Genetic And Physiological Studies On Drought Resistance Traits In Dry Bean (phaseolus Vulgaris_l.) In Kenya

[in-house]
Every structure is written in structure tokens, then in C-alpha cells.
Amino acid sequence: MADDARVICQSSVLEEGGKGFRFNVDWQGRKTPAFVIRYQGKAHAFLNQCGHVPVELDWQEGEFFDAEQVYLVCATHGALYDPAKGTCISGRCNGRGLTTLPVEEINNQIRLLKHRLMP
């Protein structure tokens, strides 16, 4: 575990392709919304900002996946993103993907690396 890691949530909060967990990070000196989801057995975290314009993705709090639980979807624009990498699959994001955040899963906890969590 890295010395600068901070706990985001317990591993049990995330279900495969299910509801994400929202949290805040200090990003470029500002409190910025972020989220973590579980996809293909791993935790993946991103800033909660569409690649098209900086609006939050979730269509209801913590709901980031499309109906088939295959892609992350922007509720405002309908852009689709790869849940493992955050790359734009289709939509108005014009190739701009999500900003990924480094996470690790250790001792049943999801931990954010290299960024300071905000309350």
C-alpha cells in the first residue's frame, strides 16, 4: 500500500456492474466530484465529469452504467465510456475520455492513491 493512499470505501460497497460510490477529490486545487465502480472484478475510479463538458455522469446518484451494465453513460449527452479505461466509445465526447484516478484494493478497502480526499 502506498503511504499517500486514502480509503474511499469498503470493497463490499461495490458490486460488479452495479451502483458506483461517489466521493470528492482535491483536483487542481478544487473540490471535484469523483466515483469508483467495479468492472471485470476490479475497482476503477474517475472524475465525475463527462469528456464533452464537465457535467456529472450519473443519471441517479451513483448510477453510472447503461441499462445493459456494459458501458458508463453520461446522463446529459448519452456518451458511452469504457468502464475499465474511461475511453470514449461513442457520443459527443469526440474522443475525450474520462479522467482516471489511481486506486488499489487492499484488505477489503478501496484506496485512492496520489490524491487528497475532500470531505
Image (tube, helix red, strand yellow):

Field and trough studies were conducted to evaluate response of physiological and morphological traits of dry bean tPhaseolus vulgaris L.) genotypes to water stress over a period of two seasons. Thirty six bean genotypes were subjected to two watering levels (irrigated and not irrigated). Relative water content (RWC) , leaf water potential (LWP) , relative growth rate (RGR) , days to 50% flower (DTF) , taproot length (TRL) and root dry weight (RDW) were measured. High and low scoring genotypes with respect to RWC, LWP, TRL and RDW were identified and crosses made between them in genetic studies. Results indicated significant genotypic differences in all the parameters. Water stressed plants maintained lower RWC and LWP than non-stressed plants. They also manifested faster growth in root length but had lower root dry weights than the non-stressed plants. Water stressed plants also flowered in shorter period than non-stressed plants. Significant positive correlations were observed between LWP and RWC as well as TRL and RGR. Genetic studies showed that RWC was predominantly influenced by additive (d) and additive x dominance (j) genetic effects. Additive x dominance (j) genetic effects were predominant in taproot length while additive (d) and additive x dominance (j) genetic effects influenced root dry weight. LWP was largely controlled by additive (d) genetic effects. These results indicate that there is a genetic pool of variation in terms of the measured parameters which can be exploited in bean improvement for adaptation to semi-arid areas. The genetic effects imply that selection procedures that exploit epistatic genetic effects may be used in improvement programmes which target RWC and root growth as selection indicators. Delayed selection of these parameters beyond F3 and later generations and then using bulk-pedigree breeding method is suggested. On the other hand, high LWP would be best selected for by using pedigree and backcross breeding methods.